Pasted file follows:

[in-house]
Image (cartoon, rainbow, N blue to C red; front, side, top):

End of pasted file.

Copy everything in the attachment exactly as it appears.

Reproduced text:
[in-house]
Image (cartoon, rainbow, N blue to C red; front, side, top):